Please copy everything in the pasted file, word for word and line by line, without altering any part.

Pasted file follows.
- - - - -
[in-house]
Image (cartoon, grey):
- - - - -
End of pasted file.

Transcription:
[in-house]
Image (cartoon, grey):